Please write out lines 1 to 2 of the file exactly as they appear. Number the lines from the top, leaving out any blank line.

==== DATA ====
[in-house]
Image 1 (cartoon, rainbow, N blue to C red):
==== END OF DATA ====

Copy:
[in-house]
Image 1 (cartoon, rainbow, N blue to C red):